Artist Chuck Middlekauff conjures the 1950s and '60s with his impressive retro style watercolors, acrylics, and mixed media collages.
With its timeworn and weather-beaten Americana, the art of Chuck Middlekauff transports you back into the West of the 1950s and ’60s. Working in watercolor, acrylic, and collage, Middlekauff paints a world of vintage Coke bottles, gas pumps, and billboards, placing contemporary cowboys in decades-old iconic settings. He calls it American pop art.
Serving four years in the Navy after high school, Middlekauff went on to study drafting in Austin, Texas, then got married and moved to Denver, where he enrolled at Metropolitan State College (now Metropolitan State University). Trying to graduate in his fifth year, he took a drawing class as an elective. “But this art class wasn’t going to be a slam-dunk,” Middlekauff remembers. “Professor Craig Marshall Smith said, ‘My grades range from 1 to 10. And nobody makes 10s!’ I said to myself, ‘I’ll show him.’ And I actually did make some 10s.” Middlekauff went on to graduate with honors in graphic design from the Art Institute of Colorado, where he learned about concept and design and “thinking outside of the box.”
A career in commercial art saw him working in Denver and LA. Today, he’s back in Austin, where he puts his happy retro spin on nostalgic imagery while listening to Alan Jackson, the Beatles, the Beach Boys, John Mellencamp, and others. We spoke with Middlekauff about his passion for vintage icons of the American West.
Cowboys & Indians: Your colors and concepts seem very ’50s Americana. What’s the inspiration for your work?
Chuck Middlekauff: As a child of the ’50s and ’60s and a young adult in the ’70s, I love everything about America and American culture from those decades. I really enjoy reliving that time through my paintings and reintroducing iconic images and things from the past and bringing them to life in a new way and perhaps a new generation.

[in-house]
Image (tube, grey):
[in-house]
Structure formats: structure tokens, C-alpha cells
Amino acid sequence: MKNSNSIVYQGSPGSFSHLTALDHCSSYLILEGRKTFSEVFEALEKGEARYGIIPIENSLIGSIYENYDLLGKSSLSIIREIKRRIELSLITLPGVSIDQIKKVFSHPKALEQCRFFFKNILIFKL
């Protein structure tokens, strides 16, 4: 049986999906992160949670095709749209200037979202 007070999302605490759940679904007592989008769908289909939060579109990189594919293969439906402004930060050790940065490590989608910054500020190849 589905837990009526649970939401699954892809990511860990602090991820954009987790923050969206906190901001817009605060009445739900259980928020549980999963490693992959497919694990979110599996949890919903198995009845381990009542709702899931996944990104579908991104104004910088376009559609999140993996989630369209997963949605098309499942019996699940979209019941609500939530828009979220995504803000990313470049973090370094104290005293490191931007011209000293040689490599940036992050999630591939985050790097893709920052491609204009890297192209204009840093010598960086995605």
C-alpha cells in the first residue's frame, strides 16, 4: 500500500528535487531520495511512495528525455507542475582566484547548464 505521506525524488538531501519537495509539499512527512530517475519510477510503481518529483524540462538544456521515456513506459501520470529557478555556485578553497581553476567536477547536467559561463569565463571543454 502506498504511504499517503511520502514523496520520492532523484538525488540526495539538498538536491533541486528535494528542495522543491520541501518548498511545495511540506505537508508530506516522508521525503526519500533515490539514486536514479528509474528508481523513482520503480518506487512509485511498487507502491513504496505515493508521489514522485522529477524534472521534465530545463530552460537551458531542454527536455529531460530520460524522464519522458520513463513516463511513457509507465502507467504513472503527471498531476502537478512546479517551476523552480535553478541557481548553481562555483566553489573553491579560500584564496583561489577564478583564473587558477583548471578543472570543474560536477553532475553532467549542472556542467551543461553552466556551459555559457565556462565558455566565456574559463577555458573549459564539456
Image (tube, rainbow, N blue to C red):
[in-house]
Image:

C&I: Is there a particular artist from that era who inspired you?
Middlekauff: I have always loved Andy Warhol and the world of pop art. His label and product paintings were making headlines before today’s plastic and digital work. And like Warhol, I love bright red, the signature color of the ’60s, when pop art was new and exciting. Now, almost 50 years later his work has a faded patina to it that I try to capture in my own work.
C&I: We’ve read that you like to travel to regional rodeos across the West to photograph cowboys at work.
Middlekauff: Well, I do go to small-town rodeos around Texas so that I can be closer to the bullpens and have easier access to the performers where I can take candid photographs of them to translate into my paintings. I really enjoy the small-town action going on there and getting the essence of the cowboy — the look, the stance, and their attitude.
One of my favorite watercolor series features a cowboy dressed in a distressed red shirt, head down, wearing a worn tan hat, with the iconic Pepsi-Cola sign in the background. Another features the Road Runner cartoon character running behind him.
C&I: You do some collage in some of your work. What materials do you use to create this look?
Middlekauff: My collage work includes 45 records and album covers from the ’50s, as well as candy wrappers and other artifacts instilled within the body of the painting that I don’t want to paint. My goal is to entertain and even move people, so I cover these pieces with a patina to seamlessly weave together what’s painted and what’s not.
C&I: How do your road trips across the country figure into your art?
Middlekauff: Road trips across America invigorated my romance with the road: wide-open spaces, blue-sky days, the intense light after a summer thunderstorm, rusty windmills, gas pumps, pickups, and Coke machines, neon signs, worn-out toys, weather-beaten murals, and barns. Besides re-creating the details of cowboys, boots, and spurs, my painting hand keeps itching to work on all these other things that make me smile. I have found my direction and passion.
Photography: (ALL IMAGES) Courtesy chuck middlekauff.
Top image: Hot Cuisine 36 x 48 Acrylic on Canvas $4,550 / Middle image: All-American Paperback Rider 40 x 30 Water Media on Paper Mounted on Canvas $3,550
From the January 2019 issue.